10:44:am: Cocomo offers a software development kit (SDK). Adobe handles the infrastructure, so you don’t have to worry about scaling. Features include shared cursors, chat and filesharing. Cocomo’s platform service is open as a free public beta test right now.
10:45am: Lynch says Adobe is working on a new service called Adobe wave to bring notifications from web apps onto your desktop. For example, you could be notified on your desktop whenever anyone responds to your evite invitations.
10:49am: Now we’re moving on to mobile phones. Lynch says “I believe we need to start thinking about mobile first.” Mobile design can’t just be an afterthought to building web apps. Adobe’s previous goal had been 1 billion Flash-enabled phones by 2010, now it looks like it will happen by 2009.
10:50am: Lynch says the Open Screen Project solves two problems. The first is web browsing. The second is standalone applications. Adobe and the Open Screen Project want to bring a consistent experience to both using Flash and AIR.
10:53am: Lynch shows off “fresh-baked” mobile apps using Adobe’s platform. Someone brings out some fresh-baked bread or cake or something as a gag. To illustrate this, he demos the Wall Street Journal site — not tailored for a mobile phone — just on a Symbian phone. Then he shows off the Last.fm website on a Windows Mobile phone. Both are built using Flash.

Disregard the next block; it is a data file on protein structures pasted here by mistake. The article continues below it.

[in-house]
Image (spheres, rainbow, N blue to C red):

10:47am: Lynch holds up the iPhone, and the crowd goes crazy. Unfortunately, he doesn’t have much news on this front, just confirms Adobe’s oft-repeated phrase that Adobe is working on Flash for the iPhone, but still needs to pass the “taste test” of Apple’s “head chef.”
10:58:am: Now Lynch shows Flash video on T-Mobile’s G1 phone, which uses Google’s Android Operating System, although again, that’s still in progress.
11:00am: Android’s Andy Rubin takes the stage, says he’s really excited about Flash on Android, then leaves. This is pretty much the definition of the pointless star cameo.
11:01am: There are also improvements to Flash Lite, the mobile version of Flash. (Though it’s a lot less significant now, since the most exciting phones like the iPhone will probably use Flash itself.) It’s now easier to distribute your Flash Lite-powered apps. Before, users needed to download Flash Lite first, then find applications to download within Flash Lite. Now, you can send them a promotional message via SMS, which sends them to a mobile website, where users can directly download both Flash Lite and the app at the same time. This lowers barriers to entry.
11:08am: Lynch shows off the phone of the future, which has Flash and AIR installed, and more importantly is aware of the screens around you. For example, you should be able to walk around your house, point your phone at a television, then easily move your photos from your phone to your television.
11:10am: Another example. You can run games on your phone, then play against someone else on their phone, with the game displayed on your television, so your phone becomes another controller.
11:11am: And it’s over. I’ll be updating this post to highlight the most relevant news, but until then you can also read Adobe’s summary of its keynotes.